Hyacintha of Mariscotti

Hyacintha_of_Marriscotti, -300x225
Feast Day: January 30
Canonized: May 24, 1807
Beatified: September 1, 1726


Clarice Mariscotti was probably a typical upper-class girl in Viterbo, Italy, in her time. As a teenager right at the beginning of the 1600s, she liked to have fun. Her father, Count Antonio of Mariscotti, and her mother, Ottavia, who was descended from royalty, were quite wealthy, so she had the finest clothes and education.

When she was 20, she wanted desperately to marry a marquess, a nobleman. She was angry when he instead chose to marry her younger sister. Feeling embarrassed, she was moody and temperamental with her family and finally agreed when her parents decided she should enter the Monastery of St. Bernardine, where her older sister was a nun.

As a member of the Third Order Regular of St. Francis, Clarice was given the name Hyacintha, but she had become a nun for the wrong reasons — simply to escape a problem. She didn’t want to give up her beautiful clothes and fine food and friends. For 10 years, she was devoted to her faith but did not relinquish material things.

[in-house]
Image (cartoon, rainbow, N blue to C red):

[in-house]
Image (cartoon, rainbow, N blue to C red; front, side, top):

When the priest who brought Communion to the nuns and heard their confessions visited her cell and saw the luxuries she enjoyed, he called upon her to change her ways. Following a serious illness, Hyacintha realized that she was not living her vows. She confessed to the other sisters, gave away all of her fine clothes and shoes, slept on wooden boards and consumed mainly bread and water.

When plague broke out in Viterbo, she nursed the sick. She also organized groups to gather food and money for the sick, poor, and elderly.

By the time of her death in 1640 at the age of 55, Hyacintha was known for her great holiness. She was named a saint in 1807 by Pope Pius VII, who declared that she had, through her charity, “converted more souls than many preachers of her time.”

Correlation:
RCL Benziger’s Family Life, Grade 6

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